Imagine a point outside a circle. Suppose you draw a line from the point passing through the center of the circle, the line intersects the circle at two points. The segment of the line within the area of the circle is equal to the diameter of the circle. When you keep increasing the angle of direction of the line, the points of intersections get closer and closer. The line segment within the circle changes to chords of shorter and shorter lengths from the size of the diameter. Ultimately, the intersection points on the circle coincides each other and the line just touches the circle at only one point. At this condition, the line is called as the ‘tangent’ of the circle from that point.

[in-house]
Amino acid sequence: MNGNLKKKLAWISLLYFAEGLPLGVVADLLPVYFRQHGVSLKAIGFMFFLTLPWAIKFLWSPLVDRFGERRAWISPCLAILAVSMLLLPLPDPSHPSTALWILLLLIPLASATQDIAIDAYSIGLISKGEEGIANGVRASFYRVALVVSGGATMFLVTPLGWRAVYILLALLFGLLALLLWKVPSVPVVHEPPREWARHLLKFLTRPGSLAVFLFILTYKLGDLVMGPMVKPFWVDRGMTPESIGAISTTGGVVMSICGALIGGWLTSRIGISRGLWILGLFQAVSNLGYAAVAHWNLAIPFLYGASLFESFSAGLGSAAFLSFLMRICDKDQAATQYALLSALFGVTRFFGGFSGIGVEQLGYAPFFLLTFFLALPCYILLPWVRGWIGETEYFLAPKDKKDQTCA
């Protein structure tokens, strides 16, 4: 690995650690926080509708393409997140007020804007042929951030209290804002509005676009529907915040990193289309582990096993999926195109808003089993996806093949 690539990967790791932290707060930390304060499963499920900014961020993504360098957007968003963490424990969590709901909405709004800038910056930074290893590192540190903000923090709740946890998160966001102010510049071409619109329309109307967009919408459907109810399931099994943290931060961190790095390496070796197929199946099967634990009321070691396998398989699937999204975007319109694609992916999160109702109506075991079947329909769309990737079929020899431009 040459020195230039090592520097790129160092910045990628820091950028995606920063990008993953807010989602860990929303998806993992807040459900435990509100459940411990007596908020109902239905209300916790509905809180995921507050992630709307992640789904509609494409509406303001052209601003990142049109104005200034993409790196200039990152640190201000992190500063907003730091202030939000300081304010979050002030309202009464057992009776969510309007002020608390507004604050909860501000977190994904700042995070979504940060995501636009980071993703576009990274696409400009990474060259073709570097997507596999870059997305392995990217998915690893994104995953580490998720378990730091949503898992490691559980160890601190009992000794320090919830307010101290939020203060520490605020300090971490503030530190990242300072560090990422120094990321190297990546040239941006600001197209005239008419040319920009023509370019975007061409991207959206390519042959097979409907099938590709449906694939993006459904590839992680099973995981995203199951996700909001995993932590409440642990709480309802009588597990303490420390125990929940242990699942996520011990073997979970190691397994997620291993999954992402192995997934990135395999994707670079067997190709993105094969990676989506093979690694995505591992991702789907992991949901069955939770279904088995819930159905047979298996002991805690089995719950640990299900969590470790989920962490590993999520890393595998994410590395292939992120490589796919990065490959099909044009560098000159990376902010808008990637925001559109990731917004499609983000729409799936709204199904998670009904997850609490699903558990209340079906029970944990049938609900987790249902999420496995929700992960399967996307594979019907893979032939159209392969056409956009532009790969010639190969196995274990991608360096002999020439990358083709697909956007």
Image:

With further increase in angle of direction of the line will not at all intersect the circle.
In this article let us study the properties of the tangent of a circle.

We have explained in the introduction how a line from a point outside the circle could be a tangent to that circle. Now let us formally define what a tangent of a circle is. A line drawn from a point outside a circle which touches the circle just at one point is called tangent to the circle. The point of contact of the tangent and the circle is called as the ‘point of tangency’.
Tangent of a Circle
The above diagram shows a circle with center O and a tangent PA drawn from a point P outside the circle. The point A is called the point of tangency.